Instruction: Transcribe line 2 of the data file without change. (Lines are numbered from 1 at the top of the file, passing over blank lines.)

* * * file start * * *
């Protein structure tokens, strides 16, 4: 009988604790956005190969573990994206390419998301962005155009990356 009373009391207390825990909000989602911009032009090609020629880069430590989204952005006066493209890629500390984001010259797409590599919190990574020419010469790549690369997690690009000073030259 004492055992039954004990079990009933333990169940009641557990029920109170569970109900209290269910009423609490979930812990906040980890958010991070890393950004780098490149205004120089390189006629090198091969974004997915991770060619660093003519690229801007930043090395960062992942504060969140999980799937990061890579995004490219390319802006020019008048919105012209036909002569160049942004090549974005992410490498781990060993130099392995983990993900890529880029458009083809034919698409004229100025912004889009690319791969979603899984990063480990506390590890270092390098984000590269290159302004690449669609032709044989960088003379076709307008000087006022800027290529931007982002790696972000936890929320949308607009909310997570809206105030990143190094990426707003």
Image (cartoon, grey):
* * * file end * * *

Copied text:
Image (cartoon, grey):